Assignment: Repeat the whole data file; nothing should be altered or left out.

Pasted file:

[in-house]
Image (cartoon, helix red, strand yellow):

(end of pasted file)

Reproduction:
[in-house]
Image (cartoon, helix red, strand yellow):